Canadian environmentalist David Suzuki was in Montreal Wednesday for a town hall discussion on the future of environmental rights in Canada at Quebec Centre for Sustainable Development.
CBC Montreal's Steve Rukavina caught up with the 80-year-old activist Wednesday afternoon and spoke with him about the election of Donald Trump, the acceptance of climate change among Canadians and his efforts to get the right to a healthy environment enshrined in Canada's Charter of Rights and Freedoms.
Here's an edited transcript of that interview.
How problematic is the election of Donald Trump for the global environmental movement?
We all celebrated Obama when he made a really historic agreement that the two biggest emitters in the world, the United States and China, would work on climate together. This was the first time that China really came out and said "Yes, we've got a global responsibility" and the first time the United States made a major commitment on reducing emissions.
Both countries went to Paris last year and signed a very good agreement to keep global temperatures from rising more than 2 C in this century.
We've now seen the election of man who believes that climate change is a hoax generated by the Chinese, who is determined to pull out of the Paris agreement. … But I think you're going to see the global community, including China, saying, 'Look, we have to do it anyway. We've got no choice."
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How practical is it to proceed with such an agreement without the United States?
They're a major emitter, we have to recognize that, but I don't think it's any reason to say we won't bother going on with it. That's absurd.
Voters in so-called rust-belt states voted for Donald Trump, people working in polluting industries who felt left behind. Do you think that could happen here?
There's no question.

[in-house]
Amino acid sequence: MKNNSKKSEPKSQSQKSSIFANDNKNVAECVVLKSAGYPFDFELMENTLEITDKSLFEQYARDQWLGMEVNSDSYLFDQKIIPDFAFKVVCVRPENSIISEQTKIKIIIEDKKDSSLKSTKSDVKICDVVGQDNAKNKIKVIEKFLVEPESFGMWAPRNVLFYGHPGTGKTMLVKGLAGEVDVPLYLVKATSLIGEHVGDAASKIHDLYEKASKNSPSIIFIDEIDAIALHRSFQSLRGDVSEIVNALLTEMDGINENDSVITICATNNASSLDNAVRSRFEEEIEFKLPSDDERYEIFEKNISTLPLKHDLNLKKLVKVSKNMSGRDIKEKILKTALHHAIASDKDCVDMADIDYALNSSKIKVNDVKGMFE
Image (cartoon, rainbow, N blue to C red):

I think that Canada is different in that our climate skeptics and deniers aren't as strong.… The bulk of Canadians accept that climate change is real, and the human use of fossil fuels is a part of it. And they should, because of all countries in the industrialized world, Canada is probably more vulnerable to the impact than any industrialized country. We're a northern country, Inuit have been telling us for over 40 years that the climate is changing.
We have the longest marine coastline of any country in the world. When water warms, it expands, and sea levels rise just from thermal expansion. That is going to affect Canada more than any other country.
And when you think of climate dependent industries — agriculture, forestry, fisheries, tourism — they're all going to be impacted heavily by climate change. So, Canadians, rightfully, realize that climate change is occurring and having an impact.
When you look at the Conservative Party, you look at leadership candidate Michael Chong, who said he favoured a carbon tax. He was booed at a candidates meeting. And when another candidate got up and said, 'I don't think climate is an issue we have to worry about,' he was cheered. So there's still a segment there of Canadians who prefer a Trumpian approach to climate.
So given all this, how optimistic are you about your Blue Dot initiative?
We had nine and a half years very dark years under the Harper regime, and he got booted out. And you can bet he got booted out because people did not like the agenda he had set and the means that he was using to suppress scientists, to attack environmentalists as foreign-funded extremists. Canadians rejected that.
Since we started the Blue Dot initiative, over 140 Canadian municipalities have passed environmental legislation. That includes the big cities — Vancouver, Montreal, Toronto, Halifax … None in Alberta yet, but we're working on it.
How optimistic are you that Ottawa will get on board?
Very. More than 15 million Canadians live under a jurisdiction that has adopted the Right to Healthy Environment. Well, can you just dismiss half of Canadians?
We need seven provinces with half of Canada's population [to get the Charter of Rights and Freedoms amended] ... We have to have some kind of protection and guarantee of a healthy environment that is no longer subjected to the whims of whatever political party gets elected.
But the environment is political –
That's ridiculous, and you've put your finger on exactly what the problem is.
I've always said to Elizabeth May that there shouldn't be a Green Party. … The Greens own the environment as a political issue, you're right, and it shouldn't be that way. Every party should be concerned about the environment.
You've called this your last fight. Are you at peace with the fact you may not be around to see this achieved?
Oh sure. When we started, I said, 'This is my last kick at the can.' It's a chance to really get people to change the way they see the world.
To me, the important thing is the conversation. Our fundamental needs as animals are clean air, clean water and clean soil. And that's what a healthy environment is about.